Dan Henry 1945 WWII Chronograph instructions

Dan Henry 1945 WWII Chronograph: User Guide

Congratulations for purchasing your Dan Henry 1945 WWII Chronograph.  
Your timepiece is equipped with a Miyota caliber 6S20 60-minute chronograph with a smooth-motion center second hand and 1/10-second sub-dial.

1. Setting the time:

  • Pull out the crown to the second click position.
  • Turn the crown to set the hour and minute hand.
  • Push in the crown to the normal position.

2. Setting the date (for watches with date windows)

  • Pull out the crown to the first click position.
  • Turn the crown clockwise to set the date.

Note: Do not change the date when the hands are set between 9 PM and 3 AM, because the day may not change properly. To set the date during that time, first change the hands to a time outside of that range; set the date, and then reset the correct time.

3. Using the chronograph

The stopwatch function on your Dan Henry 1945 WWII Chronograph measures minutes, seconds, and 1/10 seconds for up to 60 minutes.


The large second-hand in the center of the watch shows elapsed seconds while timing. The sub-dial in the right position shows 1/10-seconds, and the sub-dial in the left position shows recorded minutes.
The sub-dial in the lower position shows seconds, and runs continuously.

  • To start the chronograph: press the upper pusher.
  • To stop the chronograph: press the upper pusher again.
  • To reset the chronograph: press the lower pusher. All of the chronograph hands will reset to the zero position.

When timing, the right sub-dial measuring 1/10 seconds will spin for 30 seconds; the decimal hand will then stop to conserve the battery, while timing continues inside the movement. When you press the lower pusher, the decimal hand will move to show the elapsed 1/10 seconds.
The Dan Henry 1945 is a 60-minute chronograph, so the stopwatch functions will stop after one hour.

4. Using the 12-hour GMT Bezel

The Dan Henry 1945 Chronograph is equipped with a rotating 12-hour GMT bezel, so you can view a second time zone. For example, to monitor the time in a city that is five hours ahead of you, turn the bezel counter-clockwise for five clicks or five hours, and read the hours of the second time zone in the bezel.

5. Measurement scales

The Telemeter scale determines the distance from the wearer to an event that can be both seen and heard.
For example, how far away is a lightning storm? Start the chronograph timer when you see a lightning flash, stop the timer when you hear the thunder. Read the distance in miles or kilometers on the telemeter scale.

The Tachymeter scale computes speed based on travel time. The tachymeter can also be used to measure distance based on speed.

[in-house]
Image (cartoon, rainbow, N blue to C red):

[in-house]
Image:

To measure speed:

  • To use the tachymeter for measuring speed: start the chronograph at the beginning of a 1-kilometer or 1-mile distance. At the end of the distance, the second-hand points to indicate your speed.
  • To measure distance: while traveling at a constant speed, start the chronograph at the beginning of the length to be measured. When the second-hand reaches the point on the tachymeter scale that equals the speed of the vehicle, one unit of distance has been covered (miles if speed is miles per hour, kilometers if kilometers per hour). For example, if you travel at a constant 80 mph (or at 80 km/h), then the distance traveled while the second-hand moves to "80" (45 seconds) will be 1 mile at 80 mph, or 1 kilometer at 80 km/h.


6. Resetting the chronograph hands

If the central seconds hand or the sub-dial hands do not return to zero, reset them like this:

  • Pull out the crown to the second position.
  • To adjust the central seconds hand: press the upper pusher once to set the chronograph second hand to the zero position.
  • To adjust the right sub-dial hand: repeat the procedure described above, but use the lower pusher.
  • The sub-dial hands can be advanced rapidly by continuously pressing the pusher.
  • When the chronograph hands have been reset, then reset the time and push in the crown to its normal position.


7. Water resistance

  • Your chronograph has been tested for water resistance. It is safe for wear in a swimming pool, but not for scuba or ocean diving.
  • The crown must be pushed in completely to ensure that the watch is water resistant.
  • Do not wear your watch in a bath, shower or sauna; soap dries out the rubber seals, and your watch may loose its water resistance.

8. Accuracy and battery replacement

  • The accuracy of the movement is 20 seconds a month.
  • With normal use, the battery should last about three years.
  • When the watch begins to run slow, the battery should be changed. Use a ref. SR927W or 395 battery.
  • Battery life may be shortened by extreme heat or cold.
  • Battery life can be conserved when not using the watch by pulling out the crown, which will stop the watch.

9. Care for your watch

  • Clean your watch with a soft brush or cloth. To remove dirt, use a slightly damp cloth.
  • Never use abrasives such as polish paste or polishing paste.
  • A watch with hands should not be worn for sports. Even low-impact sports such as baseball, golf, and tennis can misalign the hands or damage their movement. Instead, wear a shock-resistant digital watch.
  • Do not leave your watch exposed to the direct sun inside a car.  
  • To charge the glowing lume in the hands and hour markers, hold the watch face close to a light source for 10 seconds.
  • Keep your watch at least several inches away from magnetic fields such as speakers and battery chargers. Magnetic sources can reduce the accuracy of your watch.

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